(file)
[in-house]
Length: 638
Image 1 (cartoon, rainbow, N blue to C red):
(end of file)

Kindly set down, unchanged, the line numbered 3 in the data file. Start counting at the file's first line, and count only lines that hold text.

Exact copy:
Image 1 (cartoon, rainbow, N blue to C red):